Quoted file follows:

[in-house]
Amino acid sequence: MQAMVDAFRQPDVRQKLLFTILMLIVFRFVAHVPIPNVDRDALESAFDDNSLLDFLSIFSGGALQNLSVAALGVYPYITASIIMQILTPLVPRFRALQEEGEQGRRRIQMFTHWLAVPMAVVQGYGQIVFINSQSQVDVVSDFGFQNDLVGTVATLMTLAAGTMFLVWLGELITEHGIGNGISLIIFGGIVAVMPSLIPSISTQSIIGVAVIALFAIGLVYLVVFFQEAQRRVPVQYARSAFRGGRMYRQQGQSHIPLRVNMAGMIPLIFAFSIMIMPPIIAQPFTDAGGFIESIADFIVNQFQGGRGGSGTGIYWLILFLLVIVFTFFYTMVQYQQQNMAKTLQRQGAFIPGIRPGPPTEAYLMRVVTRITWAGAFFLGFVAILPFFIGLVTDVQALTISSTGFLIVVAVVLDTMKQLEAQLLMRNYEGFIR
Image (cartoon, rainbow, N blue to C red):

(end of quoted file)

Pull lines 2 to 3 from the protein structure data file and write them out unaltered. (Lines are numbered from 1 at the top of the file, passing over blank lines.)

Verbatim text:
Amino acid sequence: MQAMVDAFRQPDVRQKLLFTILMLIVFRFVAHVPIPNVDRDALESAFDDNSLLDFLSIFSGGALQNLSVAALGVYPYITASIIMQILTPLVPRFRALQEEGEQGRRRIQMFTHWLAVPMAVVQGYGQIVFINSQSQVDVVSDFGFQNDLVGTVATLMTLAAGTMFLVWLGELITEHGIGNGISLIIFGGIVAVMPSLIPSISTQSIIGVAVIALFAIGLVYLVVFFQEAQRRVPVQYARSAFRGGRMYRQQGQSHIPLRVNMAGMIPLIFAFSIMIMPPIIAQPFTDAGGFIESIADFIVNQFQGGRGGSGTGIYWLILFLLVIVFTFFYTMVQYQQQNMAKTLQRQGAFIPGIRPGPPTEAYLMRVVTRITWAGAFFLGFVAILPFFIGLVTDVQALTISSTGFLIVVAVVLDTMKQLEAQLLMRNYEGFIR
Image (cartoon, rainbow, N blue to C red):